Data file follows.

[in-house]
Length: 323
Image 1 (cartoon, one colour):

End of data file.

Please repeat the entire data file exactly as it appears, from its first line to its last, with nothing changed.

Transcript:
[in-house]
Length: 323
Image 1 (cartoon, one colour):